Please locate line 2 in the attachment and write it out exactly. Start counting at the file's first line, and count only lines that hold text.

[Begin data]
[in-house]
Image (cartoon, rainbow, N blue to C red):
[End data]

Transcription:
Image (cartoon, rainbow, N blue to C red):